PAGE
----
On day one of SpoBis, the sports industry conference held each year in Düsseldorf, Germany, the main session on the internationalisation of sports revealed some unanimity on the opportunities presented by the Asian market and, in particular, China.
Senior marketing executives from the Lagardère Sports agency, the National Football League (NFL) and the National Basketball Association (NBA) agreed that investment in China needed to be long-term, requiring careful and concerted brand building and consumer engagement.
As Peer Naubert, VP product management Lagardère Sports, summed up: “Even if you can generate turnover in the short term, which is especially attractive in China, in the long term you must understand it as an investment and only strong brands can survive in the market.”
But could the window of opportunity for major western sports properties be somewhat more limited than this methodical approach implies?
Benjamin Morel, managing director EMEA NBA, cited statistics which projected that China’s current middle-class demographic of some 150m people will increase to 550m in the coming years - more than the population of the US.
The sport industry, he said, should double or treble in size by 2025. With the added impetus provided by Chinese government investment in sport, Morel predicted that the Chinese Super League could be the biggest football league in the world by 2035-40 in which case Chinese brands, like Alibaba and Wanda, which have invested in western sports, will begin looking inwards.
Where does that leave the major western rights-holders currently building foundation in China? Morel sees the China opportunity as one where the NBA is competing for share of mind. The NBA’s measure of success is focused on three areas: “participation, followers an ultimately consumers”.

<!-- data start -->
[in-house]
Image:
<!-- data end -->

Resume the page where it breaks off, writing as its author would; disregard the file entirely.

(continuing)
While participation in basketball is growing in China, the NBA understands that 99.9 per cent of Chinese fans will never attend an NBA game live. The NBA’s intention is therefore on delivering the best content possible through broadcast and free-to-view digital channels. And because of the time difference, the NBA focuses on content for mobile devices during the morning commute.
Akash Jain, vice president, international commercial development for the NFL, said that the league was positioned in China as a premium brand and taking a niche position for the “extremely long-term”. China, along with Canada, Mexico, Brazil, the UK and Germany are priority markets for the NFL.
“Niche in China is quite a good size,” he said. “We have experimented with content distribution through digital platforms and the demographic of the fan base is a very tech-savvy and mobile first. It’s a challenge because there are a limited number of games and the kick off times are not going to change for us, so we need to develop new and unique stories”
Paradoxically, given the relatively limited on the ground support for the sports brand in China, English Premier League club Chelsea appears to have the most direct route to market. Chelsea’s managing director Christian Purslow said that the club chose the destinations of its summer tours based on where its leading sponsors want to go. After two years touring the US, Chelsea will this year go to Beijing for a showcase game against Arsenal. The move is informed by its main shirt sponsor Yokohoma Tyres, which has China among its top-three markets after Japan and the US. China is its fastest-growing market.
English Premier League clubs need to work less hard than rival leagues in China because of the league’s popularity as a broadcast spectacle. But Chelsea also has two key things that further appeal to global brands: the club’s association with London and with success. Said Purslow: “Chelsea is a relatively new global phenomenon. It’s all been since 2004 and the ownership of Roman Abramovich. In the last 12 years we’ve won more trophies than any other EPL club. There’s no brand in the world that doesn’t want work with a winning sports team.”